College graduation is one of the great milestones in a child’s, and parent’s, life, a scholastic achievement that culminates years of parental prodding and is surely worthy of the blessing “Baruch she’petarani.” And yet, having experienced several, including recently, I must say that it is a strange event, underscored by the tendency of many students – and their ostensibly joyous parents – to blow off the event entirely.
Certainly, the scheduling of graduation in the middle of a workday inconveniences many parents and children, and in the recent graduation I attended, so did the scheduling of finals, oddly enough, on graduation day itself and days subsequent. Granted, as well, that there is a certain tedium to the event, punctuated by the interminable roll call of hundreds of names – in which each parent sits for 3000 seconds to listen and react to the one second in which his/her child will be briefly mentioned. But the event itself was pleasant enough, with the speeches appropriate and good-humored – and yet, something, to me at least, was largely missing: a pervasive sense of joy and exuberance, with attendance more a fulfillment of obligation than a sense of fulfillment. Why was that ?
There is always an element of the comical in these formalities. Clearly, graduations afford adults an opportunity to play “dress-up,” to parade about in funny costumes (caps, gowns, hoods, tassels and shiny medallions, each in a variety of exotic colors), an atmosphere in which Batman, Robin and Spiderman would not feel out-of-place. (In fact, Spiderman did make an appearance.) Add to the bizarre get-ups the elaborate, overly starched ceremonies (Riddle: How many Jews does it take to hood one Rabbi ? A. Eight, apparently), the award of “honorary doctorates” to those who did little academically to earn them, and the solemn declarations through which the degrees are conferred, and graduation bears more of a resemblance to the rituals of summer camp than to the recognition of an important milestone in life.
I was duly prepared with enough reading material to last an afternoon, although I try not to read when others are speaking (common courtesy), but a thought dawned on me during the proceedings related to our children, our celebration of their achievements, and especially our expectations for them that accounts, at least somewhat, for the lack of exuberance in the hall. (Granted, I am sure many were duly exuberant.) In a nutshell, we assume that our children will graduate college, and, save for the “frum” who opt out of college but usually gain a “higher” Torah education, almost all do. But that is not the norm in these United States, and therefore their achievements should be all the more acclaimed.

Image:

The most recent statistics indicate that, shockingly, less than 30% of American adults 25 and older have college degrees, and 85% (only ?) have graduated high school. This is somewhat misleading, as it includes all adults (including, e.g., immigrants from the Third World who had no opportunity to attend high school or college). The more revealing statistic is that approximately 70% of American youth today graduate high school, but only a third have the credentials to enroll in college. Of those who attend college, slightly more than 60% graduate in a timely fashion (within six years of enrollment). Only 44% of the voters in the last election were college graduates (Hmm. Memo: save that editorial for another time).
It is rather obvious but noteworthy that in the United States today, graduating high school is a respectable achievement and graduating college is a stupendous accomplishment. Attendance and completion of any graduate school qualifies one as the cream of the crop. Only the very best – and an infinitesimal percentage of the total population – succeed.
And yet, again, most of us expect all that – and more – of our children. Are we too demanding, or is it that our sights are naturally set very high ? Perhaps more the latter than the former; we do value education beyond the national norm, and our children are reared to assume that they will graduate college and enter a respectable profession – and the overwhelming majority do. Nonetheless, these expectations should not obscure the essential realization that our children are outstanding young men and women, whose intellectual attainments and moral aspirations are prodigious, worthy of note and celebration, and completely atypical of the great majority of their peers in the rest of society. What they have done – and will do – should never be taken for granted, and for all the worries we have about those who do not succeed, we would do well to applaud the fact that the overwhelming majority of our young people succeed magnificently.
It would not surprise or offend me to conclude that the true joy of graduation is just that: a celebration not only of their individual achievements but primarily of the standards that we have set for them that they have willingly embraced and successfully navigated. Perhaps that is why many were filled with a sense of satisfaction rather than exuberance. Our youngsters’ accomplishments should rightly fill us with pride that we have settled neither for the easy road of the slacker nor the diminution of greatness to more pedestrian levels achievable with little exertion. For them, commencement is both an end and a new beginning. And it should fill us with great hope and optimism for the future, when “all [our] children will be disciples of G-d, and great will the peace they build” (Yeshayahu 54:13), for the betterment of G-d’s world and the glory of His Torah.